Tuesday, April 10, 2007

Kipling, the Mufti and the Clash of Values

Photo: Rudyard Kipling

Neil (Ninglun) had am interesting post triggered by the latest controversy around Sheikh Hilaly. I found myself agreeing and disagreeing with Neil. So, and consistent with Neil's point about the need for perspective, I thought that I would try to come at the points raised by Neil from a different perspective.

To begin with, I agree with Neil's key point about the need to keep a sense of perspective on Mr Hilaly's remarks. We can think of this at two levels, one of values, the second political process.

The comments that follow draw from previous posts. I will not have time this morning to insert the links, but will try to do so later.

Political process first, because this is in some ways the easier issue.

I have written a number of posts about the sometimes pernicious way in which the media, current dominant values and our politicians interact.

The Pauline Hanson phenomenon is an example. To a substantial degree One Nation was created by the interaction between media and politicians. This fed the Party's growth. We can also see this in the case of Tamworth and the refugees. There the Australian metro media turned a complicated local issue into a major international story to this country's detriment.

We can see something of the same process at work in the sometimes almost hysterical responses to the Mufti's words, especially in the broad sheets.

In the case of Tamworth, I pleaded for time and space to allow the local community to work the issues through. The same things holds for Australia's Muslim community, although things are more complicated here simply because the community is not really a community at all, but a number of very different communities linked in some way by a common religion that is itself not a single entity.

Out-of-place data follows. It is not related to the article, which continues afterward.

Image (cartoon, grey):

The danger for us all lies in the risk that the interactions between media and politics may create the very things we fear.

We can tease this out if we now look at values.

Freedom of speech is a if not the core value in a democracy, a core bulwark standing between us and oppression. Not surpisingly, as in Stalin's USSR, Hitler's Germany or more recently Sadam's Iraq or Mugabe's Zimbabwe, control over freedom of speech is central to the maintenance of totalitarian power.

So I think that if we are to maintain freedom of speech we have to start from the pre-supposition that Mr Hilaly is entitled to say what he likes even though some find his views repugnant. Now this is likely to draw an immediate response. Surely, people will argue, a society has a right to control views that are repugnant to and threaten that society?

Now this is where things get really slippery because it brings you to what has always been the core problem with free speech, where do you draw the line and when? Here Sheikh Hilaly has created an especial problem because he has managed to offend both those holding certain moral values (they find his comments repugnant) and those with concerns flowing from the perceived threat from Islamic extremists.